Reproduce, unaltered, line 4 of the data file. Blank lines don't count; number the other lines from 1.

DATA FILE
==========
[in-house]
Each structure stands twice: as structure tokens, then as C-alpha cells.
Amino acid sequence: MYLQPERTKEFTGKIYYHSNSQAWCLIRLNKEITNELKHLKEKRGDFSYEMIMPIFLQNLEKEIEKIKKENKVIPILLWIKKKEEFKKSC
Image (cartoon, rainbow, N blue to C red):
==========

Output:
Image (cartoon, rainbow, N blue to C red):